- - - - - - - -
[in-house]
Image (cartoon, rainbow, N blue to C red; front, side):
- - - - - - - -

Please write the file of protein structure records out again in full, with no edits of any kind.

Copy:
[in-house]
Image (cartoon, rainbow, N blue to C red; front, side):